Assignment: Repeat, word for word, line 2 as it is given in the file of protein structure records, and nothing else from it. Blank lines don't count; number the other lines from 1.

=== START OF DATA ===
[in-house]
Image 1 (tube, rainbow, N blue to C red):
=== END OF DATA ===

Image 1 (tube, rainbow, N blue to C red):